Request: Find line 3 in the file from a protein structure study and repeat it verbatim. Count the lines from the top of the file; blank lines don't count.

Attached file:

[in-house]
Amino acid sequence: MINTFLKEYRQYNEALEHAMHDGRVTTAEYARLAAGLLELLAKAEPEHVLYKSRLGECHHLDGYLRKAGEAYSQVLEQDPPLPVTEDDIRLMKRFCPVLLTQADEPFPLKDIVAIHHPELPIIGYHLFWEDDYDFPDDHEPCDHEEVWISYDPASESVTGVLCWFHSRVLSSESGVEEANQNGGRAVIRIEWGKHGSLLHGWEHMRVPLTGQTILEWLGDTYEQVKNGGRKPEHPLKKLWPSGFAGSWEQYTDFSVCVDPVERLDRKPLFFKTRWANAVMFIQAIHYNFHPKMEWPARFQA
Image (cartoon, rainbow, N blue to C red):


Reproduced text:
Image (cartoon, rainbow, N blue to C red):